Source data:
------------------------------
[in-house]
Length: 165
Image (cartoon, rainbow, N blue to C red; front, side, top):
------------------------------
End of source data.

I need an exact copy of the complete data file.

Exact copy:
[in-house]
Length: 165
Image (cartoon, rainbow, N blue to C red; front, side, top):